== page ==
Tong Pang

  • Graduate Student
OEH-302
top16@pitt.edu

Research

 

Research

The main thrust of my research is searching for new physics beyond the standard model, specifically through precise measurements of CP asymmetries and rare decays containing heavy b quarks at Belle I & II experiments.

The Standard Model (SM) of particle physics has been incredibly successful in describing fundamental interactions at microscopic level. In spite of its success, the SM leaves some very important phenomena, such as neutrino masses and dark matter unexplained and definitely falls short of being a complete theory of fundamental interactions.

One of the most important goals of particle physics is providing the explanation for baryogenesis, i.e. asymmetry between matter and antimatter in visible universe. To explain baryogenesis requires CP violation which the SM of particle physics explains by an irreducible complex phase in the weak interaction quark-flavor-mixing matrix (CKM matrix). The CKM quark flavor mixing matrix  is as an integral component of the Standard Model, however, the explanation of baryogenesis requires significantly larger amount of CP violation than is explained by the SM. Therefore we need to search for new, non-SM sources of CP violation. Besides CP violating phenomena, new physics not predicted or explained by the SM could be discovered by measuring the matrix elements and the angles of the so-called unitarity triangles which express SM self-consistency. I am now working on the measurement of one of the three angles, φ2, a.k.a. α, in a time-dependent Dalitz analysis of BBbar oscillations using data being collected at Belle II experiment. This analysis is also sensitive to new, non-SM sources of CP violation.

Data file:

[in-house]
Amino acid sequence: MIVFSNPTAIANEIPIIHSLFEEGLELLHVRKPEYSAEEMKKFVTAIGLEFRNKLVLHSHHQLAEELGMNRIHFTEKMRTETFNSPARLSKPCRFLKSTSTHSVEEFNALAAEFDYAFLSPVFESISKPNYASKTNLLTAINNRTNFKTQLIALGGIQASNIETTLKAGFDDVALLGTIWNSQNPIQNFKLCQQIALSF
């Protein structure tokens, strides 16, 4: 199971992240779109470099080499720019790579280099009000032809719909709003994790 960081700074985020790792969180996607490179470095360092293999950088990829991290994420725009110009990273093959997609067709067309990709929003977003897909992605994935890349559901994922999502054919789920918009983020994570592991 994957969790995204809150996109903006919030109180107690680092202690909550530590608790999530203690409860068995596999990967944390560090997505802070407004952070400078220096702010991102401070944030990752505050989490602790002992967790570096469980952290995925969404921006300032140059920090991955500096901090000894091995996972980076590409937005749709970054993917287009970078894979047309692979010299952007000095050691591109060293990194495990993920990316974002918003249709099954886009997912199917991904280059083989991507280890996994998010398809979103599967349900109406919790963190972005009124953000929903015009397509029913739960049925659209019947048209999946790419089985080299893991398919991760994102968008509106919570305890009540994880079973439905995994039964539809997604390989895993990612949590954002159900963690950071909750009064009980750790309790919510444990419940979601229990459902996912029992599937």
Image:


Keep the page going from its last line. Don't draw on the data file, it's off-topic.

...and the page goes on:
I am also contributing to TOP, Time of Propagation Particle identification system of the Belle II detector, which is a system of 16 compact Cherenkov counters, where the separation among different particle species is achieved through the likelihood-based analysis of Cherenkov radiation images detected on compact photomultipliers. This subdetector is also an integral part of the trigger system of the Belle II experiment.

9/2019

Graduate Advisor

Vladimir Savinov